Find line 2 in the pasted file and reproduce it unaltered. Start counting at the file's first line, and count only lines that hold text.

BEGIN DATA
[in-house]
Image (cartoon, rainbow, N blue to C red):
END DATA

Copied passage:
Image (cartoon, rainbow, N blue to C red):